There are also those that follow other fish, almost like a shadow, watching closely to see what hidden treasures are revealed when these hunters are at work. Look out for the small checkerboard wrasse (Halichoeres hortulanus) hungrily tailing either a triggerfish upturning rocks or goatfish that is stirring up the sand in hope of nabbing a quick crab or clam. What would you call this- Clever? Lazy? Freeloading?

A checkerboard wrasse (Halichoeres hortulanus) waiting to see what goodies the yellow-margin triggerfish (Pseudobalistes flavimarginatus) stirs up!

Photo credit: Bernard Dupont (Wikimedia Commons)

By virtue of their choice of cuisine, some wrasses play critical roles in the functioning of coral reefs as an ecosystem. I am talking about the unassuming but industrious blue-streaked cleaner wrasses (Labroides dimidiatus). Cleaner wrasses feed specifically on parasites, dead tissues and mucous, found on bodies of fish that do not want to keep any of it. In the process, cleaner wrasses have set up some of the most phenomenal symbiotic relationships that can be observed while diving. These wrasses work in pairs or in small groups and work extremely hard to look for fish that are looking to be cleaned. A single cleaner wrasse on duty, working 4 continuous hours, cleans up to 2000 ‘client’ fish. Starting up and running a cleaning station successfully is no joke for these finger-sized fish and there is a lot that we can learn from observing them. (Watch out for our upcoming post- Business lessons from a cleaner wrasse partnership.)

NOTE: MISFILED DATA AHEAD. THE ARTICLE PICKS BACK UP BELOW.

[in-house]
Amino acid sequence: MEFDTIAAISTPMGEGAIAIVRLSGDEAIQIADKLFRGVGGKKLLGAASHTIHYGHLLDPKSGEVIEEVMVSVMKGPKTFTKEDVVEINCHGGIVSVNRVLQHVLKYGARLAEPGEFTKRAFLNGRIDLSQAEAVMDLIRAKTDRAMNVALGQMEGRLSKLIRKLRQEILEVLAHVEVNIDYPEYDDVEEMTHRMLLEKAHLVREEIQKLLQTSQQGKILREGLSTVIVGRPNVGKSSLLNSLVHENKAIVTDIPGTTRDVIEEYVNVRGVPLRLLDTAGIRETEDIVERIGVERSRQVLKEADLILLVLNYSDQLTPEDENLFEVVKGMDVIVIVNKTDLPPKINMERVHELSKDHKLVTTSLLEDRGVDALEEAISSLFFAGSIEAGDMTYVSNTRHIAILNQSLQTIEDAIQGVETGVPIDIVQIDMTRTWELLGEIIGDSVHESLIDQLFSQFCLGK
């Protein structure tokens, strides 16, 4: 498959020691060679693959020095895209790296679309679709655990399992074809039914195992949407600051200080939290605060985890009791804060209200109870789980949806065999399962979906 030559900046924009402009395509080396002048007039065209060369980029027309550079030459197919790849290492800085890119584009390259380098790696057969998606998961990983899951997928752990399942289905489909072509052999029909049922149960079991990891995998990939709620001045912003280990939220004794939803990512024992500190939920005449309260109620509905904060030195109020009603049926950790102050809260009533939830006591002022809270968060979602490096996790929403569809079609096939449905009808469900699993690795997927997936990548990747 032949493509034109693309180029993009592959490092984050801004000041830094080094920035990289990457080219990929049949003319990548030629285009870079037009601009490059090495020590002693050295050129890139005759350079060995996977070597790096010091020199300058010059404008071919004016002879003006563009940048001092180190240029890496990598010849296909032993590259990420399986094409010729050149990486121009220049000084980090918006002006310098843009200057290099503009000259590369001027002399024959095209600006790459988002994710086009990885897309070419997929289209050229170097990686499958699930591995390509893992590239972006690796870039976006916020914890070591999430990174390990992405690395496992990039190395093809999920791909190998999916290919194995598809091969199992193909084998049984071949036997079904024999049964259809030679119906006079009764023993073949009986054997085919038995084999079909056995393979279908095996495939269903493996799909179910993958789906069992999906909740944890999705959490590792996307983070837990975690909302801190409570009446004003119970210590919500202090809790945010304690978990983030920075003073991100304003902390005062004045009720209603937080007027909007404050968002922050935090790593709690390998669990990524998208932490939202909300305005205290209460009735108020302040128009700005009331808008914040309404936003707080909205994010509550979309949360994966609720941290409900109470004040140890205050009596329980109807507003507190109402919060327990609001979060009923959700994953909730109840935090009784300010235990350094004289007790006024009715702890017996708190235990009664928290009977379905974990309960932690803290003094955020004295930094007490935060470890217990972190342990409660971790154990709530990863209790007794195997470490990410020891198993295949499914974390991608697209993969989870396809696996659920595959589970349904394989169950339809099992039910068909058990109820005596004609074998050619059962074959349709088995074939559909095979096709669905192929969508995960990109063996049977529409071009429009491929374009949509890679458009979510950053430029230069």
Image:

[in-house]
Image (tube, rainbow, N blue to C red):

A blue-streaked cleaner wrasse (Labroides dimidiatus) working on a Napoleon wrasse with a keen eye.

Picture credit